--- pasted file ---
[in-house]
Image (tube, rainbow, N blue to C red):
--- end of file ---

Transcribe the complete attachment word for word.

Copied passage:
[in-house]
Image (tube, rainbow, N blue to C red):